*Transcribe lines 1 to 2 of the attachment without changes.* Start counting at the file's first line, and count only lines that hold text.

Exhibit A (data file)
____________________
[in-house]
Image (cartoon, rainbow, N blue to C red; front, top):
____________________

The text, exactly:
[in-house]
Image (cartoon, rainbow, N blue to C red; front, top):